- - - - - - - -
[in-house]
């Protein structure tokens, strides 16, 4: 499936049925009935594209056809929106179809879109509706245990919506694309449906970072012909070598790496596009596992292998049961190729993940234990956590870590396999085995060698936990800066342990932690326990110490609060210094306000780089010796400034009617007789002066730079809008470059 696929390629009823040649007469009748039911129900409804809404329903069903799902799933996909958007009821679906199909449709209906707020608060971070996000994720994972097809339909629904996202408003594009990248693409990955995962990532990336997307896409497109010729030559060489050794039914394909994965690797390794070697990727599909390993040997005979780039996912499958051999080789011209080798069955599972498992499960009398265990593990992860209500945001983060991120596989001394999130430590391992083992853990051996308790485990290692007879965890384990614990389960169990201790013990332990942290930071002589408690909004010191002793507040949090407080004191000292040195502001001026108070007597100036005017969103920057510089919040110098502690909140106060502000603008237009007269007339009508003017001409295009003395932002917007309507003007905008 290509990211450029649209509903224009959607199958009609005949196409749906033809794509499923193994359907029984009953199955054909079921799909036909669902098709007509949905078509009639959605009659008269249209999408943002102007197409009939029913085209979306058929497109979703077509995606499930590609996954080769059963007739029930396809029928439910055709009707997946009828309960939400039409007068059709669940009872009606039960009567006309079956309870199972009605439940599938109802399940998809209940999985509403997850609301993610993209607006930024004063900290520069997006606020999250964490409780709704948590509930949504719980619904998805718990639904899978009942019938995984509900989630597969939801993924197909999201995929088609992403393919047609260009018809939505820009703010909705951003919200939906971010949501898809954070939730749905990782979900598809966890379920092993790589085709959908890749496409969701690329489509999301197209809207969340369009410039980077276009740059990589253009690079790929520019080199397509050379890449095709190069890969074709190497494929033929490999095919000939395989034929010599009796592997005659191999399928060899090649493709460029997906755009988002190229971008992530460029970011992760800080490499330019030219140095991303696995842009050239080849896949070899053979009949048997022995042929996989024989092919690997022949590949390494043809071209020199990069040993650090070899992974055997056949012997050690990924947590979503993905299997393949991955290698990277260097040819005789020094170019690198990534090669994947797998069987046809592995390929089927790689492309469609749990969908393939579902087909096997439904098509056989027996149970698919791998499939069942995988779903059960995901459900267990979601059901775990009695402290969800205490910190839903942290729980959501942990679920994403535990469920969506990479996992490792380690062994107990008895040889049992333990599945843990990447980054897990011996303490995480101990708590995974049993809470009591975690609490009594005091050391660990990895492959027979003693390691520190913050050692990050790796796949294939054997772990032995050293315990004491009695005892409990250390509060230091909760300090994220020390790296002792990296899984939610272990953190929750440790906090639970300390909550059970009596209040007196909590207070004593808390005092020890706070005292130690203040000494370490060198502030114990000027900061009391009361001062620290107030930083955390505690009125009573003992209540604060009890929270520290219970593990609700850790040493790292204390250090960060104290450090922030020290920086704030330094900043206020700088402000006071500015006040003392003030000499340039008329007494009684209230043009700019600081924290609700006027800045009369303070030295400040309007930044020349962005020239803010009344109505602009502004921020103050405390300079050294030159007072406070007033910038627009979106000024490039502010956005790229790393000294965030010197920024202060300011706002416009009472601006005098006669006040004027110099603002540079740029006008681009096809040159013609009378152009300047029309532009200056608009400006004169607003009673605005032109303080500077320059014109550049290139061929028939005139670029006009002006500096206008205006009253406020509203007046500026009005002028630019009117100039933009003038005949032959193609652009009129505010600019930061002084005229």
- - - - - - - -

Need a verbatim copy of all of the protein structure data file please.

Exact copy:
[in-house]
């Protein structure tokens, strides 16, 4: 499936049925009935594209056809929106179809879109509706245990919506694309449906970072012909070598790496596009596992292998049961190729993940234990956590870590396999085995060698936990800066342990932690326990110490609060210094306000780089010796400034009617007789002066730079809008470059 696929390629009823040649007469009748039911129900409804809404329903069903799902799933996909958007009821679906199909449709209906707020608060971070996000994720994972097809339909629904996202408003594009990248693409990955995962990532990336997307896409497109010729030559060489050794039914394909994965690797390794070697990727599909390993040997005979780039996912499958051999080789011209080798069955599972498992499960009398265990593990992860209500945001983060991120596989001394999130430590391992083992853990051996308790485990290692007879965890384990614990389960169990201790013990332990942290930071002589408690909004010191002793507040949090407080004191000292040195502001001026108070007597100036005017969103920057510089919040110098502690909140106060502000603008237009007269007339009508003017001409295009003395932002917007309507003007905008 290509990211450029649209509903224009959607199958009609005949196409749906033809794509499923193994359907029984009953199955054909079921799909036909669902098709007509949905078509009639959605009659008269249209999408943002102007197409009939029913085209979306058929497109979703077509995606499930590609996954080769059963007739029930396809029928439910055709009707997946009828309960939400039409007068059709669940009872009606039960009567006309079956309870199972009605439940599938109802399940998809209940999985509403997850609301993610993209607006930024004063900290520069997006606020999250964490409780709704948590509930949504719980619904998805718990639904899978009942019938995984509900989630597969939801993924197909999201995929088609992403393919047609260009018809939505820009703010909705951003919200939906971010949501898809954070939730749905990782979900598809966890379920092993790589085709959908890749496409969701690329489509999301197209809207969340369009410039980077276009740059990589253009690079790929520019080199397509050379890449095709190069890969074709190497494929033929490999095919000939395989034929010599009796592997005659191999399928060899090649493709460029997906755009988002190229971008992530460029970011992760800080490499330019030219140095991303696995842009050239080849896949070899053979009949048997022995042929996989024989092919690997022949590949390494043809071209020199990069040993650090070899992974055997056949012997050690990924947590979503993905299997393949991955290698990277260097040819005789020094170019690198990534090669994947797998069987046809592995390929089927790689492309469609749990969908393939579902087909096997439904098509056989027996149970698919791998499939069942995988779903059960995901459900267990979601059901775990009695402290969800205490910190839903942290729980959501942990679920994403535990469920969506990479996992490792380690062994107990008895040889049992333990599945843990990447980054897990011996303490995480101990708590995974049993809470009591975690609490009594005091050391660990990895492959027979003693390691520190913050050692990050790796796949294939054997772990032995050293315990004491009695005892409990250390509060230091909760300090994220020390790296002792990296899984939610272990953190929750440790906090639970300390909550059970009596209040007196909590207070004593808390005092020890706070005292130690203040000494370490060198502030114990000027900061009391009361001062620290107030930083955390505690009125009573003992209540604060009890929270520290219970593990609700850790040493790292204390250090960060104290450090922030020290920086704030330094900043206020700088402000006071500015006040003392003030000499340039008329007494009684209230043009700019600081924290609700006027800045009369303070030295400040309007930044020349962005020239803010009344109505602009502004921020103050405390300079050294030159007072406070007033910038627009979106000024490039502010956005790229790393000294965030010197920024202060300011706002416009009472601006005098006669006040004027110099603002540079740029006008681009096809040159013609009378152009300047029309532009200056608009400006004169607003009673605005032109303080500077320059014109550049290139061929028939005139670029006009002006500096206008205006009253406020509203007046500026009005002028630019009117100039933009003038005949032959193609652009009129505010600019930061002084005229």